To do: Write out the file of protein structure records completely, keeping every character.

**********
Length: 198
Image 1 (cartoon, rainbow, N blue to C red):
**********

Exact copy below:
Length: 198
Image 1 (cartoon, rainbow, N blue to C red):